1. Great analysis of that match. Unlike Safina, Wozniacki's mental toughness is one of her biggest weapons and considering she's only 19 it will only grow. Her lack of a big shot could be a factor down the road but I think she has enough time to get one. Bottom line, she's going to be around for a long time.

  2. i have a slightly different opinion. we saw glimpses of brilliance of caroline mostly because henin's too-aggressive approach let her in the first set. it was mostly in the hands of henin, when she missed it, caro came in, when she is focused, caro is no where in the match. caroline has potential though, let's see, but it's getting tougher to get passed belgians, williamses to win a major. and without one, sooner or later, it will get into her head, just like safina, jakovic sadly. it's never good to have such high ranking without first winning a major. that was also for a long time a problem for clijsters from 2003-2005 and for mauresmo. you would have to wonder how much more achievements there might be if they have won their first major earlier. henin's path was smoothly installed with 2 majors before becoming #1 by end of 2003, then everything fell into place.

  3. I really think Wozniacki needs to be more aggressive and not just a "backboard" as many analysts are calling her. She is defensive and gets balls back, but she needs to strike. What bothers me most is how often she uses the on-court coaching. Because of this ludicrous rule, younger players are getting used to it rather than figuring things out for themselves.

  4. Chris, your readers expect you to write interesting articles and you give us what we want! Although this piece focuses mainly on Caroline Wozniacki, I am concerned about the inflammation of Justine Henin's hip. How might Henin have played against Wozniaki, from the beginning of the match, had the chronic injury not been a factor early on?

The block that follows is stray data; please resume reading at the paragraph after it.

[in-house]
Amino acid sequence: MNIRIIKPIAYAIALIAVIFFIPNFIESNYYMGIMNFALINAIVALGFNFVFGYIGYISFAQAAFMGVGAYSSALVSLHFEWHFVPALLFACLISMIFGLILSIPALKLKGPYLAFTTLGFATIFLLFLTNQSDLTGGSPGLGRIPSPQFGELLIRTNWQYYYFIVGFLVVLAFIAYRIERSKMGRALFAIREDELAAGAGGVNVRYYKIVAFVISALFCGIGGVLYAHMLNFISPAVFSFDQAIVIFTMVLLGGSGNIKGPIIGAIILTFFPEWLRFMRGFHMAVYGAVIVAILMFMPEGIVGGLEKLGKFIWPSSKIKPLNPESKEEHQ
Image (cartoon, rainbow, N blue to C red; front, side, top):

, Svetlana Kuznetsova, Venus Williams, and Elena Dementieva, there have been rumblings on the twitter wires and in the press regarding Caroline Wozniacki's place in the WTA's pecking order.

  5. Another piece on Sunshine:

    Mr. Martin agrees with you Sunny.

    Randy - Justine has a few more aches in pains in her second career but she's still pretty amazing. I'd like to see her be a little more high percentage at times, but man can she attack.

    Jo Shum: I think Wozniacki will handle the high ranking (and pressure that comes with it) better than Dinara Safina, don't you?

  6. I think Wozniacki will handle the pressure better than Safina. She isn't being as defensive about the situation as Safina. BUT, we have to remember that Safina had Serena making remarks about Safina's ranking and the type of tournaments she won and there was a lot of media attacking the ranking. Wozniacki doesn't have that "no 1" situation. But she just seems more mature. I also think that she has a supportive group with her including her father. Although Safina's coach seemed to turn her around, he often berates her and actually left in the middle of a match.

  7. Actually that last comment from Sogn was really from me SUNNY. Sogn is my husband and has a google account. I use the name/url line to put my name on. So sorry for the confusion.

  8. Always happy to hear from you Sunny - no matter what the moniker!


Leave your two cents here!